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This pilot project has initiated a long-term integrated modeling project that aims todevelop a dynamically linked model framework focused on climate driven changes tovegetation, disturbance, hydrology, and permafrost, and their interactions and feedbacks.This pilot phase has developed a conceptual framework for linking current state-of-thesciencemodels of ecosystem processes in Alaska – ALFRESCO, TEM, GIPL-1 – and theprimary processes of vegetation, disturbance, hydrology, and permafrost that theysimulate. A framework that dynamically links these models has been defined and primaryinput datasets required by the models have been developed.
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Stream physical parameter time series files for six or more beaded streams on the North Slope of Alaska in the Fish Creek Watershed near Nuiqsut. These include time series of water temperature (pool bed and surface and channel runs) and pool stage and correspond stream discharge developed from a rating curve.
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The Geographic Information Network for Alaska will complete uniform and consistent ecological mapping of the North Slope region and provide a summary of existing field site ecological descriptions (including photos) in a web based environment. Existing automated field information and photos that have reliable geolocation information will be compiled and entered in a web based geographic display based on the ecological mapping.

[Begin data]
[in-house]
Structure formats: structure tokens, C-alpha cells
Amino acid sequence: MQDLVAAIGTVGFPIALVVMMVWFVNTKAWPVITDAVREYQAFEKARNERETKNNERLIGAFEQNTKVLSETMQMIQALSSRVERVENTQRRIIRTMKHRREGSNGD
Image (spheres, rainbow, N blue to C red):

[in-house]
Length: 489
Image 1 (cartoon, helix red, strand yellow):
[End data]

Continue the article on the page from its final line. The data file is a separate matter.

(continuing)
map background search result map search result map Utility Guide to Rainwater/Stormwater Harvesting as an Adaptive Response to Climate Change Ecological changes in aquatic communities in the Big Bend reach of the Rio Grande: Synthesis and future monitoring needs Enhancing the utility of International Shorebird Survey data management SNOWDATA GeoTIFF Annual Snow Free Date (year) SNOWDATA GeoTIFF Annual Snow Depth Annual Precipitation Maps - RCP 8.5, Inches Linking North Slope of Alaska climate, hydrology, and fish migration Climate Change Health Assessments for Three Coastal, Riverine and Lake System Communities Drainage Network Structure and Hydrologic Behavior of Three Lake-Rich Watersheds on the Arctic Coastal Plain, Alaska Winter Precipitation Maps - RCP 8.5, Inches Western Arctic Coastal Plain, Coastline and Coastal Features Pectoral Sandpiper Alaska Integrated Ecosystem Model Pilot Year Final Report Fish Creek Watershed Data Ecological Landscapes and Field Site Web-based Tool Vegetation dynamics related to climate and  land use in Puerto Rico and the US Virgin Islands Linking North Slope of Alaska climate, hydrology, and fish migration Ecological changes in aquatic communities in the Big Bend reach of the Rio Grande: Synthesis and future monitoring needs Drainage Network Structure and Hydrologic Behavior of Three Lake-Rich Watersheds on the Arctic Coastal Plain, Alaska Fish Creek Watershed Data Vegetation dynamics related to climate and  land use in Puerto Rico and the US Virgin Islands Western Arctic Coastal Plain, Coastline and Coastal Features Climate Change Health Assessments for Three Coastal, Riverine and Lake System Communities Pectoral Sandpiper Ecological Landscapes and Field Site Web-based Tool Enhancing the utility of International Shorebird Survey data management Utility Guide to Rainwater/Stormwater Harvesting as an Adaptive Response to Climate Change SNOWDATA GeoTIFF Annual Snow Free Date (year) SNOWDATA GeoTIFF Annual Snow Depth Alaska Integrated Ecosystem Model Pilot Year Final Report Annual Precipitation Maps - RCP 8.5, Inches Winter Precipitation Maps - RCP 8.5, Inches